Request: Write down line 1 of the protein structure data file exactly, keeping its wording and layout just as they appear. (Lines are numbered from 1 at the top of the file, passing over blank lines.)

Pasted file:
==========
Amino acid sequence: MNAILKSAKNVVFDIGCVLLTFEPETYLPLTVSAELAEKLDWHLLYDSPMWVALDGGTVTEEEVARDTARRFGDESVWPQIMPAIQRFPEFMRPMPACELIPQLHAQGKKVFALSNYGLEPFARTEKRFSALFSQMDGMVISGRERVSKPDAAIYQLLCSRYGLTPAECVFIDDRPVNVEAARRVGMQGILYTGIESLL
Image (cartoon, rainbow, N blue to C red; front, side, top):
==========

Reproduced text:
Amino acid sequence: MNAILKSAKNVVFDIGCVLLTFEPETYLPLTVSAELAEKLDWHLLYDSPMWVALDGGTVTEEEVARDTARRFGDESVWPQIMPAIQRFPEFMRPMPACELIPQLHAQGKKVFALSNYGLEPFARTEKRFSALFSQMDGMVISGRERVSKPDAAIYQLLCSRYGLTPAECVFIDDRPVNVEAARRVGMQGILYTGIESLL